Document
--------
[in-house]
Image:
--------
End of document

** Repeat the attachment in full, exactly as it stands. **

[in-house]
Image: